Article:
Sarasota Opera’s latest addition to this season’s repertory is the story of alcoholism, cannibalism, child abuse and a bad marriage. In the hands of composer Engelbert Humperdinck, “Hansel and Gretel” has become a charming, grand opera favorite that has audiences happily humming familiar tunes as they exit the theater.
Humperdinck, in setting this Grimm fairy tale, managed to come up with an opera about children scored for an orchestra so dense and so richly embroidered, it can obscure the voices on stage.
Fortunately, Anthony Barrese was in the pit and he made crystal-clear water out of the often impenetrable orchestration, never overpowering the singers and bringing forth some of the finest playing from the Sarasota Opera Orchestra to date. Beautiful as the singing and music is on stage, it’s the orchestra that shines in this production.
Humperdinck’s “Hansel and Gretel,” written in German but sung in English with such clear enunciation the super-titles are almost superfluous, follows the fairy tale fairly well, omitting only the bread-crumb trail, and keeps the aura of childhood fears of the dark, witches and parental retribution in close contact with other child-like enthusiasms for wanderlust, adventure and candy.
Like the cast in this season’s “The Magic Flute,” many of the performers in “Hansel and Gretel” are Sarasota Opera studio artists. In fact, only Heather Johnson (Hansel) and Stella Zambalis (the Witch) are soloists with the company. Johnson, who is making an excellent career with engagements at New York City Opera, Glimmerglass and Boston Lyric, among others, was agile physically and vocally, making a fetching and believable Hansel.
Zambalis, who’s appeared at the Met, Houston Grand Opera and Seattle Opera, is more of a bel-canto witch than the scary-but-loving Rosina Daintymouth, who flies into tantrums at the drop of a broomstick and has a taste for yummy young things.
Angela Mortellaro’s Gretel was pretty and pert, but her voice, tending toward too wide a vibrato, often lost pitch, especially when she sang softly. Still, she nicely managed the extended range called for in this demanding role. Alissa Anderson (The Sandman) and Sarah Beckham (The Dewman), both big-voiced singers, had little staging to work with and sang their short arias with the kind of over-zealousness that comes from having too little to sing in too short a time.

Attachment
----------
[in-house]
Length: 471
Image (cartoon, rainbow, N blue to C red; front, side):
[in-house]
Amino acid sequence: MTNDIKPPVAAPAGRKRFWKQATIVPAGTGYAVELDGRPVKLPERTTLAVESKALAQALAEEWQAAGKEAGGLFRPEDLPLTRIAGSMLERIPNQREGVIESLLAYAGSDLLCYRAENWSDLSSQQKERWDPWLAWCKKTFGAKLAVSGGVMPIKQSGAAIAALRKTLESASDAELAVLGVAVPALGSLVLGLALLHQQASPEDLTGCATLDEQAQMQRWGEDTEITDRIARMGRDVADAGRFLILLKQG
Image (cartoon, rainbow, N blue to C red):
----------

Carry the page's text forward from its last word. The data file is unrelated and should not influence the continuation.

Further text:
In fact, one sensed that many of the singers felt they had to sing full throttle throughout their times on stage. Whether this was because they wanted their moment in the sun or they felt overwhelmed by the immensity of the orchestration, it probably comes down to lack of the kind of experience they need for this type of opera. Evan Brummel (Peter) and Valerie Kopinski (his wife) left no doubt about the grandeur of their instruments, but we’re sure that as they acquire more stage time, they’ll have the kind of faith in their talents that will allow them to color their sounds.
And, then, there were the children. The gingerbread-turned-human kids were all from the Sarasota Youth Opera, under the leadership of Lance Inouye. Their singing was enthusiastic and their diction clear and understandable. The dancing Choir of Angels came from the Diane Partington Studio of Classical Ballet, and although the choreography was at times stilted, they made a comforting tableau as Hansel and Gretel slept in the forest.
David P. Gordon’s scenery — an A-frame, one-room cottage in the first scene; a realistic stand of woods in the second; and an adorably delicious witch’s candy castle in the last act — with Ken Yunker’s impressive lighting made this Grimm tale appropriately bewitching and bewitched.
Jeffrey Marc Buchman’s staging, steadfastly traditional, was made less so by the ragtag costumes of Howard Tsvi Kaplan. The outlandishly odd getups these characters wore diminished their roles rather than embellishing them.
Still, this is a charming production of an incredibly difficult opera featuring some excellent singers and one of the finest orchestras you can hear.
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